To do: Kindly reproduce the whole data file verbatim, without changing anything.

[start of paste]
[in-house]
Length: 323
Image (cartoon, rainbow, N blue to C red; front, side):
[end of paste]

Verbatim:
[in-house]
Length: 323
Image (cartoon, rainbow, N blue to C red; front, side):